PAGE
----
- Shadblow serviceberry (Amelanchier canadensis)
- Standing ovation serviceberry (Amelanchier alnifolia ‘Obelisk’)
Mountain Ash (Sorbus aucuparia) ‘Black Hawk’
Growing to around 30 feet high and 23 feet wide (so don’t plant it under power lines!), the ‘Black Hawk’ mountain ash has dark green leaves that turn red or yellow in the fall. It also has white, delicate spring flowers and red-orange berries. In some areas, it is referred to as a Rowan tree.
The mountain ash is a great accent tree that requires full sun and well-drained soil. The fruit not only serves as a food source for local wildlife, but the berries also last into winter to provide some interesting color for your yard. Once the fruit drops, though, it can cause a mess, so be sure to plant this tree somewhere where that won’t be an issue.
Though not a native tree, the mountain ash is well adapted to life in Colorado and should live for 50 years when well maintained.
We like the ‘Black Hawk’ cultivar because it is resistant to windburn and sunscald, which is helpful in windy areas like Evergreen. This cultivar is also more columnar than the regular variety, making it a good option for some smaller spaces.
Gambel Oak or Scrub Oak (Quercus gambelii)
Another option that works well as either a shrub or small tree, Gambel oak has leaves that turn yellow or reddish-brown in the fall. Just like aspens, they grow from one underground root system, though they also use acorns to germinate and create a new tree.
Tatarian Maple (Acer tataricum)
This incredibly fast-growing tree is not native to Colorado but comes from Asia. It can grow to 20 feet tall and 25 feet wide at a rate of up to 2 feet a year. This shrub-like tree makes a statement in the fall landscape with its bright yellow or red leaves.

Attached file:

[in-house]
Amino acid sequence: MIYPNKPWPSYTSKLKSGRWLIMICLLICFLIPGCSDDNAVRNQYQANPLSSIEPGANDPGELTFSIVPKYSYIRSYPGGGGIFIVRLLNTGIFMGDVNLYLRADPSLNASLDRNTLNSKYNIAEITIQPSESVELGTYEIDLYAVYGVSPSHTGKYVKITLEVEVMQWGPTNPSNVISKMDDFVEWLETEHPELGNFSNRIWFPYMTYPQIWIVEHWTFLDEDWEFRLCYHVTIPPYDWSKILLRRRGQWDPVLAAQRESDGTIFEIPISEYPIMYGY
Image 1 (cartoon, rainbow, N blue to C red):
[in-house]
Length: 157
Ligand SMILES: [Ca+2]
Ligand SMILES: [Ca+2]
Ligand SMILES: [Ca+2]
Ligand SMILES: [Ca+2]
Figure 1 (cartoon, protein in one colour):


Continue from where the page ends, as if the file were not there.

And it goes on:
Like other types of maples, it has winged fruit known as samaras, which themselves can be bright pink or red. The tatarian maple does well in most kinds of soil conditions and needs partial shade or full sun. It is drought tolerant and has fragrant green to yellow flowers in the spring.
Ready to Plant a New Tree?
If, after looking at the alternatives, you still think you may prefer to plant aspen trees on your property, we have a lot of aspen resources on the Lam Tree Services website. However, we highly recommend an alternative option and hope that this article has inspired you to plant some of the other trees with great fall colors that grow in the Evergreen, Colorado area.
If you’re ready to plant a tree, here are some helpful resources from our website:
- Should you remove the wire basket or burlap before planting a tree?
- Tips to keep your newly-planted tree thriving
Still not sure what to plant? Give us a call or contact our office to talk with an Arborist.
We can plant evergreens up to 15 feet tall and deciduous trees up to 20 feet tall in most locations. Let us select and plant the right tree for the right spot in your Colorado yard this fall or spring!
We recommend spring or early fall planting to get your new trees off to a great start. You can always call us for advice on where to plant your new tree(s) and don’t forget that we offer professional tree planting services if you don’t want to do it yourself!
Recommended Trees & Shrubs